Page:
In the earlier part of his reign Ahmed I showed decision and vigor, which were belied by his subsequent conduct.[citation needed] The wars which attended his accession both in Hungary and in Persia terminated unfavourably for the empire, and its prestige received its first check in the Treaty of Zsitvatorok, signed in 1606, whereby the annual tribute paid by Austria was abolished. Following the crushing defeat in the Ottoman–Safavid War (1603–18) against the neighbouring rivalling Safavid Empire led by Shah Abbas the Great, Georgia, Azerbaijan and other vast territories in the Caucasus were ceded back to Persia per the Treaty of Nasuh Pasha in 1612, territories which had earlier been temporarily conquered per the outcoming result of the Ottoman–Safavid War (1578–90). The new borders were drawn per exactly the same line as confirmed in the Peace of Amasya of 1555.[3]

Ottoman-Safavid War: 1604-06[edit]

Upon ascending the throne, Ahmed I appointed Cigalazade Yusuf Sinan Pasha as the commander of the eastern army. The army marched from Constantinople on 15 June 1604, which was too late, and by the time it had arrived on the eastern front on 8 November 1604, the Safavid army had captured Yerevan and entered the Kars Eyalet, and could only be stopped in Akhaltsikhe. Despite the conditions being favourable, Sinan Pasha decided to stay for the winter in Van, but then marched to Erzurum to stop an incoming Safavid attack. This caused unrest within the army and the year was practically wasted for the Ottomans.[4]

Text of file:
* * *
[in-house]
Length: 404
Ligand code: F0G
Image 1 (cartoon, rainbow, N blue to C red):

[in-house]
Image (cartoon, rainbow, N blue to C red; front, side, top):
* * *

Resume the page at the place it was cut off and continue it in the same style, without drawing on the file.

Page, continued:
In 1605, Sinan Pasha marched to take Tabriz, but the army was undermined by Köse Sefer Pasha, the Beylerbey of Erzurum, marching independently from Sinan Pasha and consequently being captured as a POW by the Safavids. The Ottoman army was routed Urmia and had to flee firstly to Van and then to Diyarbekir. Here, Sinan Pasha sparked a rebellion by executing the Beylerbey of Aleppo, Canbulatoğlu Hüseyin Pasha, who had come to provide help, upon the pretext that he had arrived too late. He soon died himself and the Safavid army was able to capture Ganja, Shirvan and Shamakhi in Azerbaijan.[4]